The concept of non-discrimination lies at the heart of human rights. For this reason, it has been designated the official theme of this Human Rights Day, which occurs every year on the anniversary of the adoption of the Universal Declaration of Human Rights in 1948. And for this, and many other reasons, it should be an unofficial theme every day, every year, for everyone.
Twenty-six of the Universal Declaration’s 30 Articles begin with the words “Everyone…” or “No one…” Everyone should enjoy all human rights. No one should be excluded. All human beings are born free and equal in dignity and rights. Non-discrimination must prevail.
Today, we have a whole range of rights-based international treaties imbued throughout with the concept of non-discrimination. These include, for example, conventions on the rights of the child, rights of people with disabilities, rights of refugees and of migrant workers; conventions dedicated to the elimination of racial discrimination and discrimination against women; as well as treaties dealing with labour, health and religion. These legally binding standards are complemented by important UN declarations detailing minority rights and the rights of indigenous peoples.
These international laws and standards are supported by thousands of national and regional laws and institutions. Quite a few countries now have truly universal education and a smaller number have universal public health systems. Taken together, all of this marks an extraordinary celebration of humankind’s ability and aspiration to create a world of equal opportunity and equal treatment under the law. And many millions of people have benefited as a result.
People of all sorts have something to offer. When we embrace diversity, we bring extra richness and depth to our societies.
Yet discrimination is still rampant.
Women work two-thirds of the world’s working hours and produce half of the world’s food, yet earn only 10 percent of the world’s income and own less than one percent of the world’s property. Despite significant improvements over the past century, women and girls are still discriminated against to some degree in all societies and to a great degree in many. Every day countless numbers of women are sexually or physically abused. The vast majority of their abusers go unpunished and future abuse is undeterred.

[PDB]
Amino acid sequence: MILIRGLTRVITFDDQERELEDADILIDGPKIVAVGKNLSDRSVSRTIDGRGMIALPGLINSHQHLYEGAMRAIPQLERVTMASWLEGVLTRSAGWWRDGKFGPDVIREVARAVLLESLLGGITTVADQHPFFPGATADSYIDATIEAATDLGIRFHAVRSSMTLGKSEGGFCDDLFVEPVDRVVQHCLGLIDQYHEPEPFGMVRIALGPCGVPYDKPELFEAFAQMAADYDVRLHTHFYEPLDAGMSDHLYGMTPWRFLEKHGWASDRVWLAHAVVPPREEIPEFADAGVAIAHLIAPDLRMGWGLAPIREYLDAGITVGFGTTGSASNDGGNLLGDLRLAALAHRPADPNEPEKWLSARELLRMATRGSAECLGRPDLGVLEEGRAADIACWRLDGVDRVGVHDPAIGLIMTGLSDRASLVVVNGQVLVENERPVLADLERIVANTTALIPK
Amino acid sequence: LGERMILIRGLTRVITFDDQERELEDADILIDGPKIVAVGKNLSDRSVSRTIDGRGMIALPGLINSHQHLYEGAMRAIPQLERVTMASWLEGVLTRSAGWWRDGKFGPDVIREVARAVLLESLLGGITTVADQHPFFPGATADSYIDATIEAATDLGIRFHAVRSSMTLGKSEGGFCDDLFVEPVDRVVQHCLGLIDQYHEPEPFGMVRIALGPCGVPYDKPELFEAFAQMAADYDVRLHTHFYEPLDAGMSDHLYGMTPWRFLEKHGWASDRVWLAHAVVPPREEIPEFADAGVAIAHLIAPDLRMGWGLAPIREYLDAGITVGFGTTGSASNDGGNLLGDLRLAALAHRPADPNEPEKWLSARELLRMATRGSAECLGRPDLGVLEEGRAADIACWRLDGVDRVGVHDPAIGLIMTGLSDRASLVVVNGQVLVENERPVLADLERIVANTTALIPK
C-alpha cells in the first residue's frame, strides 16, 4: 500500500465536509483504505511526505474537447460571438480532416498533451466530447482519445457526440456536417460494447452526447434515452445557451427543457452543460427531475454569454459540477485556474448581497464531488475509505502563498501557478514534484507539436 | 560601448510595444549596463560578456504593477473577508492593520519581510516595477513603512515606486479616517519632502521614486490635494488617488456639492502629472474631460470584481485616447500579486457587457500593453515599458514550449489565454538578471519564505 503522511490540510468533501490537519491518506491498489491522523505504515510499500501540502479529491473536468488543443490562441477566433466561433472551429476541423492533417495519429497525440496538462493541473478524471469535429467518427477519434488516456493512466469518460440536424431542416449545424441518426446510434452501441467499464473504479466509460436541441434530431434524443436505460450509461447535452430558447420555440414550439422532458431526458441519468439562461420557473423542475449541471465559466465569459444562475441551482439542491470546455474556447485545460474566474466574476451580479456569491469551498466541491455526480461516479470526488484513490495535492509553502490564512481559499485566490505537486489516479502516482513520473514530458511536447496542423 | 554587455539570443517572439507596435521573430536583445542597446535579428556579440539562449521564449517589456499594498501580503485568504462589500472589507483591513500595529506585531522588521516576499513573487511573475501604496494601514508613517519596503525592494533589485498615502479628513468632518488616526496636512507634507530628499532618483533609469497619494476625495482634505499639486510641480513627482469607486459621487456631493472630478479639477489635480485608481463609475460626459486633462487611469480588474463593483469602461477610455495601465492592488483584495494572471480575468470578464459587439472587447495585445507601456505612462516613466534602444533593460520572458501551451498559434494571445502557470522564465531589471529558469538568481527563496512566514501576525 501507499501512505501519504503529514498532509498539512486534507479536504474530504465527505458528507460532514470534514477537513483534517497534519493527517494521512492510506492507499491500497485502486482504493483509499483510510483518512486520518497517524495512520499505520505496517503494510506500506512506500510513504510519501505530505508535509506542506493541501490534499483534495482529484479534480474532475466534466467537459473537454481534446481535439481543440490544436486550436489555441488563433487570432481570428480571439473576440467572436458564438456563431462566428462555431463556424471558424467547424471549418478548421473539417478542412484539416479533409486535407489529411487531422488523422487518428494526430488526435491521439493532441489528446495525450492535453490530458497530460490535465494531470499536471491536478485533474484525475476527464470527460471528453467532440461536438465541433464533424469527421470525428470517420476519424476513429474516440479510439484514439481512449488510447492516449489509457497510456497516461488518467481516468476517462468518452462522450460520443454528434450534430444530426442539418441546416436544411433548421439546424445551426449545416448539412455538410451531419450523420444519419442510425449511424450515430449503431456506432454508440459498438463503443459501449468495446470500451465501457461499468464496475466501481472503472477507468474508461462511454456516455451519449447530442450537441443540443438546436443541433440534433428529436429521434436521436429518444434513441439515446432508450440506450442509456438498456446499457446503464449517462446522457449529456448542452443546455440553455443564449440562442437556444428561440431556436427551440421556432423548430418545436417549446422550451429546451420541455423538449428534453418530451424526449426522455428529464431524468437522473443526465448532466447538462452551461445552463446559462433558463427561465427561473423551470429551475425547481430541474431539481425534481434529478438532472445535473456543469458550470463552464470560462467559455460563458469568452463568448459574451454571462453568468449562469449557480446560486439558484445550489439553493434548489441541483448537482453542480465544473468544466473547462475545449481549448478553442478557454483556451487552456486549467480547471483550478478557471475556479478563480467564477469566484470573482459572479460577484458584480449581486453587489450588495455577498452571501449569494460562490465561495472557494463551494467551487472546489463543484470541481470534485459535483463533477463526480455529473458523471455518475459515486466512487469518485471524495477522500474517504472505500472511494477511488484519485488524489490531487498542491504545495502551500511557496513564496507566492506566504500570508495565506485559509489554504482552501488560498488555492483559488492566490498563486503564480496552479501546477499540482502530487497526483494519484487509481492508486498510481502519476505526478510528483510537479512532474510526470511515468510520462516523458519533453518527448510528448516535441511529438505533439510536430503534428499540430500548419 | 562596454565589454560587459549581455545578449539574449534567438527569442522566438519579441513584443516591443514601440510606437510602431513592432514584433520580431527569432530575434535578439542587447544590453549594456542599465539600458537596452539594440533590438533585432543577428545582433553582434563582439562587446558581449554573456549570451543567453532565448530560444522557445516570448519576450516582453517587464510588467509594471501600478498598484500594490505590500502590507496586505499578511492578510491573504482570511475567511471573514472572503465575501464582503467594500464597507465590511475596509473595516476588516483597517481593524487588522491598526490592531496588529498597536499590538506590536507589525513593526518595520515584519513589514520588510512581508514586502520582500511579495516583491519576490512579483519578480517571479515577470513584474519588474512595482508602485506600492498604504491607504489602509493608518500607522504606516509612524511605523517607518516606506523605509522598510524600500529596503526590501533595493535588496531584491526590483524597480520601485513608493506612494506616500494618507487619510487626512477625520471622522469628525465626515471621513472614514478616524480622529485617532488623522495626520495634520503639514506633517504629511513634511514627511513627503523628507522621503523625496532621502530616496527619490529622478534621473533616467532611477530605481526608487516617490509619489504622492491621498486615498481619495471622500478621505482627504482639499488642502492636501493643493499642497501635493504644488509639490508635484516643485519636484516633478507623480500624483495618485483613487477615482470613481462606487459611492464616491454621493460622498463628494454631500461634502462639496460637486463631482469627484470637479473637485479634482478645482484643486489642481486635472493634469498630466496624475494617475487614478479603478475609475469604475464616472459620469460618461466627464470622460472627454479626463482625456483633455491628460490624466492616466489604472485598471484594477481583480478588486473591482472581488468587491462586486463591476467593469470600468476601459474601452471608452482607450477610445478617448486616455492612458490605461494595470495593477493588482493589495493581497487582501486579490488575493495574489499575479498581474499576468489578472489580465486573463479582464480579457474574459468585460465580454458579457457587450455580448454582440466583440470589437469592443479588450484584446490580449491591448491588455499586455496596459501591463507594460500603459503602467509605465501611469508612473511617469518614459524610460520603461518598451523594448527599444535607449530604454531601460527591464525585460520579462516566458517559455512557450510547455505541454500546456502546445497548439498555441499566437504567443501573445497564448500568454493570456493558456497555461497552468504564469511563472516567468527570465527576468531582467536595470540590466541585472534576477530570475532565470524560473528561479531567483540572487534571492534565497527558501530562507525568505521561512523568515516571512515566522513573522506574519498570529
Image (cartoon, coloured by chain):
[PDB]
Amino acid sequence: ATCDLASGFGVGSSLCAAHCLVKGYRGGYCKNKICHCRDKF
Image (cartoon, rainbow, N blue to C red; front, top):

Minorities in all regions of the world continue to face serious threats, discrimination and racism, and are frequently excluded from taking a full part in the economic, political, social and cultural life available to the majorities in the countries or societies where they live.
Similar problems face the estimated 370 million indigenous people who make up five per cent of the world’s population, but 15 per cent of its poorest people. They are often marginalised, deprived of many fundamental rights – including land and property – and lack access to basic services.
Racial and ethnic discrimination are also to be found all across the planet, and remain among the most dangerous forms of discrimination. Left unchecked, or actively fanned, they can all too easily lead to hatred, violence, and – in the worst cases – push on up the scale to full-blown conflict, crimes against humanity and genocide.
Discrimination based on religion or belief can be equally destructive. In some countries, members of certain groups are restricted in how they may exercise their religion or belief and are deprived of their fundamental rights. In extreme cases, such conditions may lead to sectarian violence, killing and conflict. Stereotyping can lead to stigmatisation and isolationism.
Refugees and migrants are widely discriminated against, including in rich countries where men, women and children who have committed no crime are often held in detention for prolonged periods. They are frequently discriminated against by landlords, employers and state-run authorities, and stereotyped and vilified by some political parties, media organisations and members of the public.
Many other groups face discrimination to a greater or lesser degree. Some of them are easily definable such as persons with disabilities, stateless people, gays and lesbians, members of particular castes and the elderly. Others may span several different groups and find themselves discriminated against on several different levels as a result.
Those who do not experience discrimination often find it hard to comprehend the suffering and humiliation which it imposes on their fellow human beings. Nor do they always understand the deeply corrosive effect it has on society at large.
Discrimination feeds mistrust, resentment, violence, crime and insecurity and makes no economic sense, since it reduces productivity. It has no beneficial aspects for society whatsoever. Yet we continue to practice it – virtually all of us – often as a casual reflex, without even realising what we are doing.
I would therefore like to encourage people everywhere – politicians, officials, businesses leaders, civil society, national human rights institutions, the media, religious leaders, teachers, students, and each and every individual – to honour Human Rights Day 2009 by embracing diversity and resolving to take concrete and lasting action to help put an end to discrimination.
(c) Navi Pillay is the United Nations High Commissioner for Human Rights. This article marks Human Rights Day 2009.
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